The dirt at Wells Fargo & Co. (NYSE: WFC) knows no depths. Last week, yet another example of systemic fraud was unearthed.
From 2017 through early 2018, employees at the Systemically Important Financial Institution (SIFI) fraudulently altered social security numbers, addresses, and dates of birth on thousands of corporate customer documents.
Here's what the bank was dodging, who should be fired (and jailed), and where to put your money when major institutions fail you...
Why This Time Is Different
The last couple of front-page news stories about fraud at Wells Fargo focused on managers encouraging employees to open 3.5 million fake checking and credit accounts and employees improperly charging mortgage and auto loan customers hidden and egregious fees.
This time, however, it's a little different.
This time, Wells Fargo employees altered and added fake social security numbers, addresses, and dates of birth on possibly tens of thousands of small corporate customers' account information files in the bank's "wholesale" unit.
As part of 2015 anti-money laundering controls imposed on Wells Fargo by regulators for the bank's compliance failures, Wells had to update and complete customer profiles in the bank's wholesale unit, which covers more than 100,000 small firm accounts with assets of between $5 million and $20 million.
With the June 30, 2018, deadline approaching to meet consent orders related to the bank's compliance problems, and no way to get all the information it hasn't rounded up since 2015 in on time, it looks like employees took it upon themselves (or were told) to fill in verification requirements in customer account documentation files.
This time, the criminal activity wasn't about ripping off customers; it was about cheating regulators.
And when it comes to regulators, a Wells Fargo spokesman said the bank doesn't comment on regulatory matters. He said in a statement: "This matter involves documents used for internal purposes. No customers were negatively impacted, no data left the company, and no products or services were sold as a result."
In other words, "So, what's the big deal?"
How much the bank's going to have to pay for this is anybody's guess.
But because regulatory infractions don't create front-page news like ripping off millions of customers does, the fines won't be close to the $1 billion dollars Wells just paid for its mortgage and auto loan criminal activity.
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If you want to guess what Wells might have to pay, you can find the bank's rap sheet that lists Wells' more egregious criminal activity and fines paid here, and it will both enlighten and enrage you.
Crime Doesn't Pay
The problem now is that no one has been criminally charged over any of Wells Fargo's fraud and theft. There haven't even been mass firings of managers and employees guilty of fraud and theft.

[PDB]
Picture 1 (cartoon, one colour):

The entire board is still employed. All senior executives haven't been drawn and quartered - even if they were connected to, or even peripherally made aware of, any of the wafting stink emanating out of the garbage pile that is the Wells Fargo culture.
Perhaps that's a bit too harsh. After all, the same Wells Fargo spokesman added, "Over the past several months we've built more robust internal processes that reinforce our values, and if we find any situations where behavior violates those values, we take swift action to correct."
But the only thing that's happened is two executives had $75 million in compensation "clawed back" while everyone else walked away - either with what they pocketed or are still at the bank getting handsomely compensated for whatever they got away with.
Heads have to roll, starting with everyone on the board and all senior management in any way connected to any of the bank's bad behavior.
People must be prosecuted and go to jail, and their compensation must be clawed back.
Maybe then, after the rot has been cleared out of one of America's giant, too-big-to-jail SIFI banks, the company's stock will be a good investment.
And other banks will have been served unequivocal notice: Crime doesn't pay.
If You Don't Act Now, You May Be Stuck in This Mess for a Long, Long Time
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About the Author
Shah Gilani boasts a financial pedigree unlike any other. He ran his first hedge fund in 1982 from his seat on the floor of the Chicago Board of Options Exchange. When options on the Standard & Poor's 100 began trading on March 11, 1983, Shah worked in "the pit" as a market maker.
The work he did laid the foundation for what would later become the VIX - to this day one of the most widely used indicators worldwide. After leaving Chicago to run the futures and options division of the British banking giant Lloyd's TSB, Shah moved up to Roosevelt & Cross Inc., an old-line New York boutique firm. There he originated and ran a packaged fixed-income trading desk, and established that company's "listed" and OTC trading desks.
Shah founded a second hedge fund in 1999, which he ran until 2003.
Shah's vast network of contacts includes the biggest players on Wall Street and in international finance. These contacts give him the real story - when others only get what the investment banks want them to see.
Today, as editor of Hyperdrive Portfolio, Shah presents his legion of subscribers with massive profit opportunities that result from paradigm shifts in the way we work, play, and live.
Shah is a frequent guest on CNBC, Forbes, and MarketWatch, and you can catch him every week on Fox Business's Varney & Co.